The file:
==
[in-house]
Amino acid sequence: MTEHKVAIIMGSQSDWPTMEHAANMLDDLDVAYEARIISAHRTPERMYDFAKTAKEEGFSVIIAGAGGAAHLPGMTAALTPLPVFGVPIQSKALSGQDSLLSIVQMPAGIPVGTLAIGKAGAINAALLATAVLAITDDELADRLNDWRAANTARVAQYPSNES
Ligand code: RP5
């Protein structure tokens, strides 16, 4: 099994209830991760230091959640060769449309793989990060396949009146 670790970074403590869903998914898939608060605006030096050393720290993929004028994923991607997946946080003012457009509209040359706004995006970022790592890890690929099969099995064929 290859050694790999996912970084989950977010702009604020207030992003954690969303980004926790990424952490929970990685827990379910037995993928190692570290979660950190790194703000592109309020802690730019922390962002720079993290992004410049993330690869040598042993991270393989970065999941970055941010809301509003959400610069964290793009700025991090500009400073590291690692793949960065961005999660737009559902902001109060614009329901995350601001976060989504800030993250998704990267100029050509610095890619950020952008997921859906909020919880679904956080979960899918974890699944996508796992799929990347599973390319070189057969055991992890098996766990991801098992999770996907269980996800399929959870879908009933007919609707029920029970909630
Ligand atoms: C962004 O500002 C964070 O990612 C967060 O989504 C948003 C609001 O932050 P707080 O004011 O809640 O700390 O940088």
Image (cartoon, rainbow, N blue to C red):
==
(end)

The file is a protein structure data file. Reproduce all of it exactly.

[in-house]
Amino acid sequence: MTEHKVAIIMGSQSDWPTMEHAANMLDDLDVAYEARIISAHRTPERMYDFAKTAKEEGFSVIIAGAGGAAHLPGMTAALTPLPVFGVPIQSKALSGQDSLLSIVQMPAGIPVGTLAIGKAGAINAALLATAVLAITDDELADRLNDWRAANTARVAQYPSNES
Ligand code: RP5
């Protein structure tokens, strides 16, 4: 099994209830991760230091959640060769449309793989990060396949009146 670790970074403590869903998914898939608060605006030096050393720290993929004028994923991607997946946080003012457009509209040359706004995006970022790592890890690929099969099995064929 290859050694790999996912970084989950977010702009604020207030992003954690969303980004926790990424952490929970990685827990379910037995993928190692570290979660950190790194703000592109309020802690730019922390962002720079993290992004410049993330690869040598042993991270393989970065999941970055941010809301509003959400610069964290793009700025991090500009400073590291690692793949960065961005999660737009559902902001109060614009329901995350601001976060989504800030993250998704990267100029050509610095890619950020952008997921859906909020919880679904956080979960899918974890699944996508796992799929990347599973390319070189057969055991992890098996766990991801098992999770996907269980996800399929959870879908009933007919609707029920029970909630
Ligand atoms: C962004 O500002 C964070 O990612 C967060 O989504 C948003 C609001 O932050 P707080 O004011 O809640 O700390 O940088």
Image (cartoon, rainbow, N blue to C red):